Foreign Policy Blogs


Mongolia Web reports that New York's Lincoln Center Fest will present the Secret History of the Mongols July 22-29, 2007.  Nine musicians and storytellers will perform the work at the Clark Studio Theater.

This passage is from The Secret History of the Mongols:

In time Dobun passed away
and after he was gone Alan the Fair, without a husband,
gave birth to three more sons.
They were named Bughu Khatagi, Bughutu Salji, and Bodonchar the Fool.

The first two sons, Belgunutei and Bugunutei,
talked to each other about this:
“Even though our mother has no brothers or kin here
and now has no husband at all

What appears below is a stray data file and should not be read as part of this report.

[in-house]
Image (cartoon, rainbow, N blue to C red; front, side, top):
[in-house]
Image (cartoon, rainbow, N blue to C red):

she's given birth to three sons.
The only man in her tent is the servant,
. . .
These three must be his children.”

Even though they were careful to say all this out of her sight,
their mother, Alan, could hear them talking about her.
Then one day in the spring,
while boiling soup from dried mutton,
Alan the Fair assembled her five sons together.

She seated them all in a row,
gave them each a shaft of an arrow,
and said to them: “Break it!”

A single arrow shaft,
it took no great strength to break it,
so each of them broke it and tossed it away.

Then she bound together five shafts in a bundle,
and giving the bundle to each in his turn,
said to each of them: “Break it!”

Each of the brothers held the five bound together
and no one could break them.

. . .

Then Alan the Fair spoke to her five sons and gave them this advice:
“You five were all born from one womb.
If, like the five single arrows that you held
you separate yourselves, each going alone,
then each of you can be broken by anyone.
If you are drawn together by a singular purpose
bound like the five shafts in a bundle
how can anyone break you?”